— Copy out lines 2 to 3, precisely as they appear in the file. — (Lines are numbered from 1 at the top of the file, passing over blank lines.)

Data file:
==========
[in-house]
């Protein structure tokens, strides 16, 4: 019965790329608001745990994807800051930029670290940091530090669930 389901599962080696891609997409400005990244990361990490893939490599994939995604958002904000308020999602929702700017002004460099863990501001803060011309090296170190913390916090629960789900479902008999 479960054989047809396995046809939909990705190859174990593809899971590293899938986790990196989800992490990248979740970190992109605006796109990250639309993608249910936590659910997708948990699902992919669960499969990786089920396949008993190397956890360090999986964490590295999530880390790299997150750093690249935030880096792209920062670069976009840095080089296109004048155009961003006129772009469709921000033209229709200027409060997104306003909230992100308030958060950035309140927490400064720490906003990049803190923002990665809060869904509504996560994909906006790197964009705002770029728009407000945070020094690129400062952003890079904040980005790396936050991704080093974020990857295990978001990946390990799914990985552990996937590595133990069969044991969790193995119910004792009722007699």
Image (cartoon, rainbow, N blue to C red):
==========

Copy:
């Protein structure tokens, strides 16, 4: 019965790329608001745990994807800051930029670290940091530090669930 389901599962080696891609997409400005990244990361990490893939490599994939995604958002904000308020999602929702700017002004460099863990501001803060011309090296170190913390916090629960789900479902008999 479960054989047809396995046809939909990705190859174990593809899971590293899938986790990196989800992490990248979740970190992109605006796109990250639309993608249910936590659910997708948990699902992919669960499969990786089920396949008993190397956890360090999986964490590295999530880390790299997150750093690249935030880096792209920062670069976009840095080089296109004048155009961003006129772009469709921000033209229709200027409060997104306003909230992100308030958060950035309140927490400064720490906003990049803190923002990665809060869904509504996560994909906006790197964009705002770029728009407000945070020094690129400062952003890079904040980005790396936050991704080093974020990857295990978001990946390990799914990985552990996937590595133990069969044991969790193995119910004792009722007699």
Image (cartoon, rainbow, N blue to C red):